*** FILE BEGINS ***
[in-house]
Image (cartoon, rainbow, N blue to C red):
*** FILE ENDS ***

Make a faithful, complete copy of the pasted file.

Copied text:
[in-house]
Image (cartoon, rainbow, N blue to C red):